The history of how the tobacco industry constructed ignorance concerning the link between smoking and cancer helps highlight the Japanese government’s campaign to spread doubt and uncertainty about the health effects of radiation and childhood cancer.

Studies sympathetic to the nuclear-power industry often excluded data on the health effects concerning non-human subjects. This discourse resonates with language used by the tobacco industry to cast doubt and uncertainty over the discussion of the health effects of smoking: Animal experiments cannot prove that smoking caused cancer because they do not reflect the human condition. The Survey noted in 2014 that the accident produced no reactions in tissue despite numerous peer-reviewed studies showing that artificial radiation from Fukushima caused genetic damage in butterfly species. Scientific research; however, has shown that even low-dose exposure increases the risks of cancer. We are unfortunately seeing effects of this in the children of Fukushima Prefecture.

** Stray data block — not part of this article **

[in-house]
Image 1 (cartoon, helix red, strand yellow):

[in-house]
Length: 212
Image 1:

https://academicminute.org/2017/03/alexander-bay-chapman-university-fukushima-nuclear-meltdown-and-thyroid-cancer-in-children/

March 10, 2017 Posted by | Fukushima 2017 | , , | Leave a comment

Fukushima 172 Children Thyroid Cancers Distribution

Distribution of 172 children who were 18 years old or younger at the time of the Fukushima nuclear accident and who were diagnosed with thyroid cancer or suspected of thyroid cancer as of March 31, 2016. 131 children out of 172 were confirmed to have thyroid cancer.

 

13404050_1016729325088972_2825999910513229016_o.jpg

June 15, 2016 Posted by | Fukushima 2016 | , | Leave a comment

173 Children Thyroid Cancers in Fukushima Prefecture

As a reminder, elsewhere, children thyroid cancer occurs in only about one or two of every million children per year by some estimates. This shows an incidence of thyroid cancer multiplied by more than a hundred.